Why go here:
For Tonkotsu, a style of Japanese with noodles in a broth made from boiling pork bones.
What it looks like:
The restaurant is split over two floors, and is minimally decorated with closely packed tables and bench seating and sashes along the walls. Since the restaurant takes no reservations and doesn’t have a bar, you will have to just queue by the door which is worsened by the fact the kitchen is right next to the door. So you can smell all the delicious food which gets you starving yet all you can do is wait in the queue and hope that you can potentially get a table in the next hour.
The menu is short and simple with a focus on ramen noodles. We start off with a plate of gyoza dumplings which had a crispy base and a garlic prawn stuffing. They had a good bite and were quite tasty.
We moved swiftly onto the ramen noodles. My friend opted for the signature Tonkotsu, with hand-made noodles in a rich, creamy pork stock and thin noodles and topped generously with slices of melt-in-the-mouth pork belly, spring onions and bean sprouts.
I went for the Soho ramen, which was made with smoked haddock, pak choi, and topped with caviar. The broth in this case was clearer. The smoked haddock itself has quite a mild taste which goes surprisingly well with the pork broth but the intense flavor of the caviar definitely overpowers the subtle flavours of the haddock and the bone broth, which was a total shame.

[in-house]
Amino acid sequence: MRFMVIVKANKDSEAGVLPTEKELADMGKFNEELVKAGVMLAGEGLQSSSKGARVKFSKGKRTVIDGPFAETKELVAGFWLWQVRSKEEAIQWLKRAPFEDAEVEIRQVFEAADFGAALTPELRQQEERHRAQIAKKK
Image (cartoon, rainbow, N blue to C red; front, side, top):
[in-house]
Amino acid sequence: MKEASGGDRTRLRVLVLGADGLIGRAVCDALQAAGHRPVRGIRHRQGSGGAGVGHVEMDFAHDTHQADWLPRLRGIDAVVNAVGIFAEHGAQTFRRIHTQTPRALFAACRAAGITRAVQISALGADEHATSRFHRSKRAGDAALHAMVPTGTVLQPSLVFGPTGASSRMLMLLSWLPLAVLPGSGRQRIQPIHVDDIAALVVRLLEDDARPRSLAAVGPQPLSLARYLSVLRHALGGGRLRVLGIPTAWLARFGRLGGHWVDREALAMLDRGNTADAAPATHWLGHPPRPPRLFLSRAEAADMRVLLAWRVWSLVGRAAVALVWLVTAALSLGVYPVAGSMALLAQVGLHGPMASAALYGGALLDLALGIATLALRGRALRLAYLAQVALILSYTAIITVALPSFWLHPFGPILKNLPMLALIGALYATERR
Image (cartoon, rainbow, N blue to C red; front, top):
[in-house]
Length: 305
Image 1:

Additionally, I found the broth in both the dishes to be lacking a bit of kick and had to add a lot of soy and chilli oil to get it to the right level of spice. I found fellow diners doing the same.
Tonkotsu definitely has some exciting variations on the classic ramen. In my opinion, these are not the most flavourful bowls of ramen on offer in London, yet the noodles are home-made, soft and bouncy and the servings are big and comforting. This is one of London’s oldest ramen joints and if you’ve never tried ramen before, this is one of the best places to give it a shot.